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Symphony
SANTA ROSA SYMPHONY STAYS CLOSE TO HOME
by Steve Osborn
Sunday, March 26, 2017
Santa Rosa Symphony concerts usually feature high-powered soloists imported from afar, but for their recent “Bring on the Strings” concert set, they stuck close to home, thrusting their principal violin, viola and cello into the limelight. The violinist (Joseph Edelberg) and the violist (Elizabeth P...
Recital
SLAM BANG SONORITY IN HAOCHEN ZHANG'S SCHROEDER RECITAL
by Terry McNeill
Sunday, March 19, 2017
Piano Competition winners are in ample supply, and it’s often a hit and miss proposition as to their sterling interpretative qualities. However, the quadrennial Van Cliburn Competition in Ft. Worth has continually produced top-level artists, and the 2009 winner Haochen Zhang proved a formidable per...
Symphony
FOREIGN AFFAIRS CHARACTERS OF THE BAROQUE
by Sonia Morse Tubridy
Sunday, March 12, 2017
Akademie für Alte Musik Berlin, known as Akamus, played a Weill Hall concert March 12 in a program called "Foreign Affairs -Characters of the Baroque.” The ensemble, that began in 1984, has 15 musicians led by concert master Bernhard Forck. Attired in elegant black with red accents, ranging from tie...
Recital
MUSCULAR PIANISM DOMINATES MILL VALLEY CHAMBER SOCIETY RECITAL
by Terry McNeill
Sunday, March 12, 2017
Piano recitals since the beginning of the genre open with finger pieces - Scarlatti or Soler Sonatas, Bach, a Mendelssohn Prelude and Fugue or perhaps Mozart or Haydn. Sarah Daneshpour’s March 12 opening work at the Mill Valley Chamber Music Society series abruptly avoided the norm with the 10-minut...
Recital
NOVEL HAYDN AND SCHUMANN IN YARDEN'S OAKMONT RECITAL
by Terry McNeill
Thursday, March 09, 2017
Israeli pianist Einav Yarden has been a frequent Sonoma County visitor, playing private recitals for Spring Lake Village and Concerts Grand, and twice performing for Music at Oakmont. The Berlin-based artist returned to Oakmont’s Berger Auditorium March 9 with a program that was neither for connois...
Chamber
CONSUMMATE ENSEMBLE FROM THE MIRÓ IN WEILL
by Sonia Tubridy and Nicki Bell
Sunday, March 05, 2017
A March 5 Weill hall audience of 350 leaned in to share an intimate musical space and to hear the Miró String Quartet’s sterling concert. Starting with Haydn's Op. 20, No. 4, the four musicians seemed to want listeners to be enveloped in their music. The Miró plays with the feat of being four dist...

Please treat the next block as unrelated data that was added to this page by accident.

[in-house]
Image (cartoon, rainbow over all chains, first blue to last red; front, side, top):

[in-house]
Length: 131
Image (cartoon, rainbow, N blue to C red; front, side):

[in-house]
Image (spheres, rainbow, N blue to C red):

Recital
BRILLIANT VIOLIN AND PIANO ARTISTRY CHARMS SCHROEDER HALL AUDIENCE
by Terry McNeill
Sunday, February 26, 2017
A tiny Schroeder Hall audience heard a flawless recital Feb. 26 by Yu-Chien Tseng, arguably the best recent local violin recital since Gil Shaham’s transversal of the complete Bach Suites in Weill and Frank Almond’s Oakmont recital in 2015. Muscular playing was the afternoon’s norm, and with pianis...
Chamber
MUSIC AND ART MELD IN ZUCKERMAN TRIO CONCERT
by Nicki Bell
Friday, February 24, 2017
A Feb. 24 Weill Hall concert by the Pinchas Zuckerman Trio juxtaposed formidable music making with palpable associations about visual art. Brahms’ C Minor "Sonatensatz” (Scherzo) is a short youthful work for violin and piano, and was an opening call to action. Lively and vigorous playing alternated...
Chamber
THREE BEETHOVEN TRIOS BEGUILE AUDIENCE IN FEB. 19 WEILL CONCERT
by Terry McNeill
Sunday, February 19, 2017
Chamber music concerts featuring one composer can be tricky, but the Han/Setzer/Finckel trio made a Feb. 19 Weill Hall audience of 500 hear and to a degree see the boundless creativity of Beethoven. The G Major Trio, Op. 1, No. 2, opened the afternoon’s Beethoven odyssey and one wonders why it is t...
Chamber
AUTHORITATIVE BARTOK HIGHLIGHTS TETZLAFF VIOLIN RECITAL
by Terry McNeill
Saturday, February 18, 2017
Christian Tetzlaff’s Feb. 18 violin recital rolled along with lively and fresh readings of Mozart, Beethoven and Schubert when the specter of Bartok’s granitic Second Sonata intervened. The sonic shock to the audience of 250 in Weill was palpable. Composed in 1923 the 20-minute two-movement work i...
CHORAL AND VOCAL REVIEW
Sonoma State University Department of Music / Saturday, August 23, 2014
Sonoma Bach Choir. Robert Worth, music director. David Parson, organ

Sonoma Bach Choir

A FITTING OPENING FOR SCHROEDER HALL

by Terry McNeill
Saturday, August 23, 2014

A choral concert by the Sonoma Bach Choir was a fitting opening for the new Schroeder Hall at Sonoma State University on Aug. 23. After all, the idea for the Green Music Center came many years ago from Don Green, who at the time was singing in the Bach Choir, conducted then and now by Bob Worth.

The program offered an eclectic mixture of voice and organ music that was often preceded by Mr. Worth's erudite commentary and his reading of various poems. David Parsons was the versatile organist commanding the impressive Brombaugh tracker organ.

Beginning with the "Ode to Joy" from Beethoven's Ninth Symphony, the organist and the 50-voice choir moved through a stimulating series of a full Bach cantata ("Der Herr denket an uns") and three Bach organ pieces, finishing with the Leipzig master's majestic "Gratias agimus tibi" from the B Minor Mass. Byrd and Monteverdi works were also part of the mix, including Monteverdi's wonderful Psalm 126, "Nisi Dominus."

Three soloists were featured in the cantata: soprano Dianna Richardson, tenor David Stohlmann and bass Tim Marson. Each of them could be distinctly heard, a vocal clarity that wasn't always present when the choir was at full throttle, as in the Beethoven. Perhaps the hall can be subsequently tuned with the red upper-wall curtains?

Mr. Worth's conducting was everywhere exact, and he drew from his choir an absorbing fusion of sonority that honored both the hall and the selected compositions.